A market town for a wool, wheat and dairy farming district and for the Coonawarra wine region at Koppamurra. A series of limestone caves 11 km south of the town have been found to contain some of the most important deposits of extinct marsupial remains in Australia.

Where is it?: South east. 350 km south east of Adelaide; 63 metres above sea level.

Naracoorte Caves: officially recognised in 1994 for its extensive fossil record when the site was inscribed on the World Heritage List, along with Riversleigh. The park preserves 6 sq km of remnant vegetation, with 26 caves contained within the World Heritage Area.

The park is a visitor destination in itself, with a camping ground and caravan park, dormitory accommodation for groups, picnic grounds and a licenced cafe. The range of visitor activities is extensive. Show cave tours are guided by professional interpreters through highly decorated caves with some tours visiting amazing fossil deposits. Modern technology has been utilised to show visitors the normally inaccessible interior of Bat Cave, where thousands of bats breed each year. Other opportunities include adventure caving, a selection of specialty tours and special events.

Victoria Fossil Cave

Natural features: Bool Lagoon Game Reserve (23 km south, Gunawar Walk on Hacks Island); Grass Tree Conservation Park (17 km north); Hacks Lagoon Conservation Park (16 km south).

Built features: Museum and Snake Pit; Tiny Train and Mini Golf Park; Mini Jumbuk Factory; Naracoorte Cultural Arts Centre

Heritage features: The Sheep's Back Wool Museum and Tourist Office, old flour mill (1870); St Andrew's Presbyterian (now Uniting) Church (1875); St Paul's Anglican Church (1880); Commercial Bank (now the District Council Office, 1884); National Bank (1873); Struan House (1873-75).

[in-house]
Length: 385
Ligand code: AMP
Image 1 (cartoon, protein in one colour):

Origin of name: of Aboriginal origin, the spelling of which has ranged from Gnanga-kurt to Nanna-coorta, Narcoot, Nancoota, Narricourt, Narcoota, Narracoorte and Naracoorte over the years. Some sources insist it means 'place of running water' but equally reliable sources claim it means 'large waterhole' and even referred to a specific waterhole in the area. Naracoorte was first called Kincraig but in 1869, it officially became Naracoorte when it and the surrounding villages of Narracoorte, Skyetown and Mosquito Plains decided to adopt the one name, Narracoorte (spelt differently today).

Brief history: The Meintangk Aborigines, part of the Ngarrindjeri group, were the first occupiers of the land and fought the white settlers well into the 1870s for the rights to stay on their land. The first Europeans were squatters, one of which was a Scot named William MacIntosh who established a township on his property. He named it Kincraig after his birthplace in Scotland and duly built a hotel and a store hoping to attract settlers to the town. The town quickly grew in the 1850s as it became a popular stopping place between the South Australian port of Robe and the Victorian goldfields. The railway reached Naracoorte in 1876 and led to the slow and steady growth of the town as a farming service centre.

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